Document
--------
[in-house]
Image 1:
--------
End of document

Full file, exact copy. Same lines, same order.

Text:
[in-house]
Image 1: